I took both kids shoe shopping last week, as we had been sent some gift vouchers by Clarks, and I wanted to get them some weekend shoes so that we didn’t wreck their school shoes quite so quickly. We had a great time, were very well looked after by the staff, and both kids ended up with shoes they liked. But it struck me that their route to finding their perfect shoes was very very different.
The geekson walked into the shop, seemed to be magnetically drawn to the one pair of shoes with aeroplanes on the sides, and declared that was the one he wanted.
He had his feet measured, the lady fetched out the shoes in his size. He tried them on, walked around the shop, and declared they were “perfect”. Job done.
The geekdaughter on the other hand, started out thinking she’d like a pair of boots. Then once we were inside the shop she saw the sparkly, glittery party shoes, and switched to wanting those instead. Unfortunately we often struggle to find shoes to fit her because she has very high arches, and the store didn’t have any party shoes in stock that would fit her. So then we went back to the boots plan. We must have tried on every pair of boots in her size. Some didn’t fit, a couple she didn’t like, and finally one pair were put on the “maybe” pile.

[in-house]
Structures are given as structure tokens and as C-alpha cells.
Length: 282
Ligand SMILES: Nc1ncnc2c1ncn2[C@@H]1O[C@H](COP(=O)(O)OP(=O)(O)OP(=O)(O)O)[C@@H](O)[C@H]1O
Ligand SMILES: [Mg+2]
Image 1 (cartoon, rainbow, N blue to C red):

Eventually she gave in to my gentle suggestions that she might want to try a pair of trainers like her brother. Again the lady serving us brought out a huge pile of boxes, and my daughter worked her way through every pair. Just as I thought we were going to have to go back to the “maybe” boots she tried on a pair of trainers which she both liked and found comfortable.
Both kids enjoyed the geeky experience of getting their shoes fitted at Clarks. I’d heard that Clarks were now using iPads to measure kids feet, and was keen to see how that worked. It all seemed very slick. Rather than having the kids stand on the iPad screens, they first get to choose the character they want to measure their feet using the iPad screen, and then the iPad is slotted into the foot measuring device. This device is cunningly designed so that a window between the child’s feet allows them to see the character that they have just selected.
Just to show that these buying experiences were not simply down to the kids conforming to their gender stereotype, I also had to buy new shoes for myself at the weekend, as my old pair had disintegrated to the point of no longer being waterproof. I walked into the shoe shop, found a pair I liked, tried them on, liked them, and bought them! So that’s where my son gets it from then!
Disclosure: I was provided with gift vouchers to spend in a Clarks shoe shop and write about our experiences. I have not been told what to write and all words are my own.